• Sequence number rule: Keep only routes for the highest dest seqno (like in AODV).
• For the same dest seqno,

Route advertisement rule: Keep multiple routes but always advertise only one of them to others. Hop count of that path is the “advertised hop count”

• Why? Maximize chances of forming more paths.

Route acceptance rule: Accept a route from a neighbor only if it has a smaller or equal advertised hop count. Break ties using node ids.

• No need for coordination with upstream nodes.
AOMDV Loop Freedom
• Sequence number rule: Keep only routes for the highest dest seqno (like in AODV).
• For the same dest seqno,

Route advertisement rule: Keep multiple routes but always advertise only one of them to others. Hop count of that path is the “advertised hop count”

• Why? Maximize chances of forming more paths.

Route acceptance rule: Accept a route from a neighbor only if it has a smaller or equal advertised hop count. Break ties using node ids.

• No need for coordination with upstream nodes.
AOMDV Routing Table Entry

Dest

Seqno

Hop count 1

Next hop 1

Hop count 2

Next hop 2

AOMDV Loop Freedom
• Sequence number rule: Keep only routes for the highest dest seqno (like in AODV).
• For the same dest seqno,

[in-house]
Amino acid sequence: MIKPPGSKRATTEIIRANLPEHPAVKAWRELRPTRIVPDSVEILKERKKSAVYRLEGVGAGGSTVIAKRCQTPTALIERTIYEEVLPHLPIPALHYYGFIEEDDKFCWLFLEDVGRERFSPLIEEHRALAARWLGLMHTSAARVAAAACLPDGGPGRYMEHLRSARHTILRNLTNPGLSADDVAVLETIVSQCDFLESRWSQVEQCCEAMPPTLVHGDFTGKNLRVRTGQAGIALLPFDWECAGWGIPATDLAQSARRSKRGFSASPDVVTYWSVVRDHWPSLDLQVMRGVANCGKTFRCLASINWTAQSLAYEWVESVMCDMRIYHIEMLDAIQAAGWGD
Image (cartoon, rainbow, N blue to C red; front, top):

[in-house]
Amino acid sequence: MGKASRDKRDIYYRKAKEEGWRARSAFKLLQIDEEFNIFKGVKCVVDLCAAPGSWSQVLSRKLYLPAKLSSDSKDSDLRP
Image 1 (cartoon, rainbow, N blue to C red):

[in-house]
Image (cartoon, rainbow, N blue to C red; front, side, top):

Route advertisement rule: Keep multiple routes but always advertise only one of them to others. Hop count of that path is the “advertised hop count”

• Why? Maximize chances of forming more paths.

Route acceptance rule: Accept a route from a neighbor only if it has a smaller or equal advertised hop count. Break ties using node ids.

• No need for coordination with upstream nodes.
Multiple Loop-free Reverse Paths

• Suppose RREQ from S includes highest seqno for itself.

A

E

D

S

0

B

C

Multiple Loop-free Reverse Paths

1

Reverse Path

A

E

D

S

0

B

C

1

Multiple Loop-free Reverse Paths

2

1

Reverse Path

A

E

D

S

0

B

C

1

2

Multiple Loop-free Reverse Paths

2

1

Reverse Path

A

E

D

S

0

B

C

1

2

Multiple Loop-free Forward Paths

1

2

Forward Path

• Another modification to basic AODV route discovery: multiple replies from destination.

A

E

D

S

0

B

C

2

1

How Many Paths?
• Too many paths are not useful.
• Overhead proportional to # paths.
• Diminishing utility with larger # paths. Analytical study in [Nasipuri-Das IC3N-99, ACM MONET J. 01]
• Solution: Disjoint paths.
• Automatically fewer paths.
• Paths fail independently. Better utility.
• Too few node disjoint paths in dense networks using flooding.

dest seq. next last hop

no hop hop count

D … N1 L1 …

D … N2 L2 …

Examples

How?

• Maintain last hop info in routing table.
• Ensure that next hops and last hops before destination are unique.
• This requires route request and replies to carry first hop info.

D

S

D

S

D

S

Performance Evaluation
• Ns-2 with CMU wireless extensions.
• 100 nodes in a 1000m x 1000m field.
• Random way point mobility model
• 25 CBR/UDP sources each sending 512 byte packets @ 2 packets/s.
Summary
• AOMDV - a multipath extension to AODV
• multiple loop-free and link-disjoint paths.
• AOMDV performance relative to AODV
• more than factor of two improvement in delay.